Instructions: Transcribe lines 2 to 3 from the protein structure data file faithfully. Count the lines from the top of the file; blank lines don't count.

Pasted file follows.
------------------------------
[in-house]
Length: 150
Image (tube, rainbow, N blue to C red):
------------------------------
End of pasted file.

Length: 150
Image (tube, rainbow, N blue to C red):